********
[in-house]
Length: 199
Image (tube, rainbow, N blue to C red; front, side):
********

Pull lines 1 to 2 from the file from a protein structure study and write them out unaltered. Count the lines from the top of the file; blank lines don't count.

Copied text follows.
[in-house]
Length: 199